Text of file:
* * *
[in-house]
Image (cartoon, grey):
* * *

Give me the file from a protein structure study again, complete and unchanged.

[in-house]
Image (cartoon, grey):